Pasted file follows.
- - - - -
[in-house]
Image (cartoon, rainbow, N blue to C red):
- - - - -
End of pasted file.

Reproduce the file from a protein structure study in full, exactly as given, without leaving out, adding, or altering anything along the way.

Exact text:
[in-house]
Image (cartoon, rainbow, N blue to C red):